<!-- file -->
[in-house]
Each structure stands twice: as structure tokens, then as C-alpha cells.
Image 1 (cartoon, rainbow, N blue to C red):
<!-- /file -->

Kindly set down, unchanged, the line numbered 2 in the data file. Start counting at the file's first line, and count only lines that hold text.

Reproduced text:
Each structure stands twice: as structure tokens, then as C-alpha cells.